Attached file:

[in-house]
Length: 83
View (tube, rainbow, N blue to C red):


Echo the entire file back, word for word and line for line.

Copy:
[in-house]
Length: 83
View (tube, rainbow, N blue to C red):